Fingers itch with impatience from palms to fingertips. Yearning for fibers to flow once again from a pile into art. Needles click as stitches stretch from needle to needle then drape across my lap. Creating has always been my lifeblood; a hook, needles, and a ball of yarn are my medium.
Living in a digital world is thrilling to be sure, but exhausting as well. I know the little “zing” of an email on my iPhone all too well. Those wiser than me have always advised (and scolded) me to recharge my batteries. Not my MacBook or tablet no, but my internal batteries. When checking my Instagram becomes more natural to me than remembering to drink water, it is a telltale sign that I am at less than 20% power mentally.
At first my go-to recharges were any millennials' usual: YouTube, Netflix, or whatever blogger I was interested in at the moment. The digital and intangible world of creation was the only one I was familiar with for quite sometime. Honestly, I still may not have known what a seed stitch is or what “blocking” meant until I met my mother-in-law.
One of the most genuine, beautiful, and creative women I know, my mother-in-law dazzled my mind and left my mouth ajar as she showed me her extraordinary knitting talent. She welcomed me to the fiber world with open arms, and when I returned to my dorm room that evening, I pulled out my old knitting needles holding miles and miles of simple garter stitch knitting, and started to dabble and play in this needlework wonder.
Once I became familiar and comfortable with the movements again, I found myself wanting to knit instead of playing on the Internet. I wanted to watch new stitch videos instead of Buzzfeed videos on YouTube. My favorite social media platform became Ravelry, which was the gateway drug to my fiber addiction.
Fair isle, cables, and intarsia, I drank all the knitting magnificence like a deprived artist. When I found myself sitting in a waiting room my hands went for my knitting project in my bag surpassing my iPhone. I started having more authentic conversations with people, whether friends or strangers, over my knitting.
I loved the questions I would be asked: “What are you making?” “Is that crochet?” “Who taught you how to knit?” “How do you do that?” “Why don’t you just buy a scarf?” and “Why are you knitting?” I truly enjoyed every question that I was presented with because that meant I was bringing a craft and artful out of the stereotypes and into the public sector.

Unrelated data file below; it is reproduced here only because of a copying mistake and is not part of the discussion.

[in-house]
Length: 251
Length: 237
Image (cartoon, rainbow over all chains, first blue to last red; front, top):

I have received many peculiar looks as a 23-year-old woman never seen without a project on her. So many of the fiber arts have been written off as a “woman’s craft” not present in public or for anyone other than an older, heterosexual, cis-gender female. I love that I can challenge that stereotype and force a notable craft and art form into the public sector.
Van Gogh’s soul resided in paints and brushes and mine resides in yarns and needles. No one art form is better than another. Just as we are all individual and unique so are the media of expression and beauty.
I encourage you all to put down the Internet for a few moments and lose yourself in something tangible: a nature hike, woodcarving, coloring, writing, crochet, reading a book for pleasure, and many more activities that do not require a screen or Wi-Fi. Unplugging from the overwhelmingness of the world is mentally and physically healthy.
Who would have guessed that a communication studies major would have found one of her passions in a ball of yarn? When I knit, the world softens and slows down. Breathing more easily I can subconsciously break down all of my worries, problems, and concerns into simple stitches. I weave the fiber from the back around to the front, and glide it through the window, and suddenly I have finished another row, and I’ve figured out how to write that industry solution article at work.
Knitting embodies so much more to me than fabricating garments. Knitting and crochet calms my soul and mind wherever I am. The tangibleness of the knitted fabric serves as a mental reminder that all my hard work is not worthless or going unnoticed. As a young professional, I have to be reminded of that.
So please, if you see me knitting or crocheting in public, please come over and ask me any question you’d like about my craft—I will be delighted to speak with you with my passion and enthusiasm for knitting laced through my voice—right after I finish this row!
This blog is my open diary to anyone and everyone about my life and my crafts. Life can be difficult, but it's always beautiful, and I want to share that love of life and making.